What you need to know about violating your probation for financial reasons in Florida.

Posted about 3 years ago. Applies to Florida, 2 helpful votes

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1

Find competent local lawyer.

A great way to find a competent, diligent and zealous advocate for your cause is by using Avvo. Since you are already at Avvo, after reading this guide click on "Find a Lawyer" and use it to seek out a lawyer you feel comfortable with in your local area. Finding a local lawyer helps ensure that your legal representative knows how your Judge thinks. Another great way to find a lawyer is by going to the find a lawyer website for the the National Association of Criminal Defense Lawyers (NACDL.org): http://tinyurl.com/8ru8wtv. In Florida, FACDL, the Florida Association of Criminal Defense Lawyers find a lawyer page may be found here: http://tinyurl.com/8e4h3my Finally, when you go for your initial consultation, ask the attorney what the last case on violation of probation and financial conditions was, and what the legal standard for finding a financial violation is. If he can't tell you, look elsewhere.

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Be prepared to prepare your lawyer.

Confidentially advising your attorney of all the facts and details of your present financial condition and lifestyle helps prepare him to negotiate with the prosecutor and prepare a defense. Hiding the fact that you support your mistress' child, or neglecting to tell him you have five children will result in a poorly prepared lawyer. Bring a log of all the job interviews you have been, and all of your bills.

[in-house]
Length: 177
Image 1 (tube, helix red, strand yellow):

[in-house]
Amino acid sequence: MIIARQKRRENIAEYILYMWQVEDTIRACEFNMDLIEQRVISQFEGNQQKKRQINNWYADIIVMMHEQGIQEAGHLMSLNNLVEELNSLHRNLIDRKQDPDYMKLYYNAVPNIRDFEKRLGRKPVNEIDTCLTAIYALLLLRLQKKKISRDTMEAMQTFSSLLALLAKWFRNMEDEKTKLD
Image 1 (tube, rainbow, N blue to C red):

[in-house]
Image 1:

Additional Resources

Please be advised that on 15 Dec 2011, the Florida Supreme Court handed down a new standard for finding a probationer in violation for financial reasons. In "Carlos Del Valle v. State of Florida, SC08-2001 (found here: http://www.floridasupremecourt.org/decisions/2011/sc08-2001.pdf) the Court opined that the State must show by greater weight of the evidence that the probationer has the ability to pay and that the probationer willfully failed to pay. This burden is higher than the standard for a violation on other grounds, but not as high as beyond a reasonable doubt.

Florida Supreme Court Opinion "Carlos Del Valle v. State of Florida"

James Regan Attorney-At-Law

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